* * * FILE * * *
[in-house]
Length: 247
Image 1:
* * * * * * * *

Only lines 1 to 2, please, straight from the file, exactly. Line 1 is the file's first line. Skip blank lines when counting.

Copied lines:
[in-house]
Length: 247